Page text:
These types of sugar, also packaged as “Sugar in the Raw,” aren’t subjected to being melted after their first crystallization, so they retain their golden brown color and some of the deeper flavor from the molasses. The crystals are typically much larger than the crystals of conventional white sugar.
Brown sugar is crystallized sugar with molasses added back in. Variations in granule size, stickiness, and depth of flavor are caused by differences in how much molasses is reintroduced and how.
Granulated white sugar is ground even more finely, resulting in either baker’s sugar or confectioner’s sugar. Baker’s sugar, also known as caster or ultra-fine sugar, retains a visibly crystalline texture. Confectioner’s sugar, often referred to as powdered sugar, is powdery in texture and often contains either corn or tapioca starch to prevent it from clumping. Occasionally turbinado or demerara sugar is ground into baker’s or confectioner’s sugar.
Invert sugar is produced when regular crystallized sugar is broken down into a liquid mixture of glucose and fructose. It is a more stable liquid than sugar dissolved in water as it has greater stability and is less prone to crystallizing. Either white or raw sugar can be turned into invert sugar.
Also labeled as evaporated and whole cane or whole beet sugar, this product isn’t subjected to centrifuging at all. Instead, the liquid is evaporated until the sugar crystallizes spontaneously. Sugar made in this method is often formed into solid blocks and still contains all of the molasses by-products. It also tends to absorb water making it difficult to manage for industrial-scale operations.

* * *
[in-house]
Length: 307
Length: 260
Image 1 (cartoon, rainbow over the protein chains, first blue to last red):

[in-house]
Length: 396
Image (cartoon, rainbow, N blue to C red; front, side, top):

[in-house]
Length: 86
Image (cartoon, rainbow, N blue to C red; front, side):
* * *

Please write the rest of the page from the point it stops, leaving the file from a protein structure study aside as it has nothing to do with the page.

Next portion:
You may also see cane, beet sugar, or palm or coconut sugar products listed as:
Many manufacturers introduce additional sweetness to their products via other added sugars. This includes both natural sugars like honey and concentrated fruit juice, as well as more processed products like refined, granulated sugar, and high fructose corn syrup. Ingredients with the name sugar in them—date sugar, palm sugar, icing sugar, are generally assumed to have sugar in them. Unfortunately, not everything that is sugar is listed as sugar on the label. This can lead many people to consume more sugar than they intend to.
Some of the more commonly added sugars that can contribute to your overall sugar intake include:
Sugar, by any other name, is still sugar, and consuming too much on a regular basis can be extremely detrimental to our health, regardless of whether it is clearly labeled or is hidden under other names for sugar, like isolated fructose. This list is just a sampling of the many names that sugars can be hidden under in our processed foods. Fortunately, certain words, phrases, and word parts can help us better decipher food labels and recognize the ingredients included in what we eat. Words like syrup, nectar, and malt tend to indicate that there are added sugars in the product. Ingredients that end in -ose, such as fructose, are also typically one form of sugar or another as well.